"Until the End of Time" (CD Single)

Music review by
Jessica Dawson, Common Sense Media
"Until the End of Time" (CD Single) Music Poster Image
Sweet song talks about how love is all you need.

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A lot or a little?

The parents' guide to what's in this music.

Positive Messages

Talks about news and darkness in this world, but love being enough to save you.

Violence
Sex

None in the song.

Language
Consumerism
Drinking, Drugs & Smoking

What parents need to know

Parents need to know that although it hails from the sultry album FutureSex/LoveSounds, the single "Until the End of Time" is free of any sexy stuff. Note: The video shows steamy, sexual situations -- girls in lingerie, a lot of touching, seductive poses, and Timberlake and a woman having sex in bed (you don't see everything, but it's very clear what's going on).

User Reviews

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Teen, 13 years old Written byilovehimmx10 April 9, 2008

ehh.

Not the best song. Actually, its not a very good song. Sounds to much like all the other things he does.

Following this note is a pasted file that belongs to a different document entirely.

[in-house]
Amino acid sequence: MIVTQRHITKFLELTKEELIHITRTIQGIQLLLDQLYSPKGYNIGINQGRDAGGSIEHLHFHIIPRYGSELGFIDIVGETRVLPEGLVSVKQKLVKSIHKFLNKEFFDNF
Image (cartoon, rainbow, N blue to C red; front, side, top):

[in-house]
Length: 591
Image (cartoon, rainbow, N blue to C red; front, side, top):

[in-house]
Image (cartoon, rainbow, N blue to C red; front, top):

What's the story?

Justin Timberlake and Beyonce have teamed up to create a hot remix of the single "UNTIL THE END OF TIME," a song from J.T.'s hit album FutureSex/LoveSounds. The song is about love, and how sometimes that's all we need: "If your love was all I had in life/that would be enough until the end of time/There is so much darkness in the world/but I see beauty left in you girl/and what you give me lets me know/that'll be alright."

Is it any good?

It was a good song before when it was only Justin singing -- and now it just has a little Beyonce spice added for extra flavor. The tune has a mellow, slow, but sexy beat that allows two fantastic singers to sing some sweet lyrics.

Talk to your kids about ...

  • Families can talk about the perception of these two young, highly successful performers and what they think has made them so successful in pop culture today. Also, families can talk about why a video needs to push the envelope when its song is clean and tame. Do you think there's a standard of sexiness and/or risqué images that needs to be in every music video? Who encourages this -- TV, society, or the artist? Do you think a video would have enough impact without the shock value?

Music details

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